On a brisk, sunny morning in April, dozens of people crowd into the tiny Second Session courtroom at Quincy District Court. Some are represented by lawyers, but most are not. They are here because they are parties in Harassment Prevention Order (HPO) cases. Some are asking the judge for an order to stem the tide of animosity between neighbors that has been festering for years while others are asking the judge for an order to prevent former friends and/or family members from harassing them at their homes, places of work, or on social media. Because HPO cases almost always involve complex personal relationships and high emotions, they are some of the most difficult cases for judges to handle.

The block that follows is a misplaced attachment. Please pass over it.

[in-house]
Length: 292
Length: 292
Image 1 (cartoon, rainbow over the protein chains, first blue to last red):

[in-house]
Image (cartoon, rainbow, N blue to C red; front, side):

Today, though, the judge has a unique option at his disposal to assist parties seeking an HPO. Sitting at the edge of the courtroom are two student mediators from the Harvard Mediation Program (HMP). They are here as part of the court’s HPO mediation pilot program. As the judge works his way down this morning’s docket, he selects cases that look like they might be better resolved through mediation than by a ruling from the bench. The mediators and parties go to a private conference room next to the courtroom, where the mediators use their skills to facilitate a discussion between the parties and help them arrive at a resolution to their dispute based on mutual consent.

Read more on the Harvard Law School website.

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